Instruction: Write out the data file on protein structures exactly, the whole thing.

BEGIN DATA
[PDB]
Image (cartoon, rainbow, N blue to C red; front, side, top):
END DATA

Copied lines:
[PDB]
Image (cartoon, rainbow, N blue to C red; front, side, top):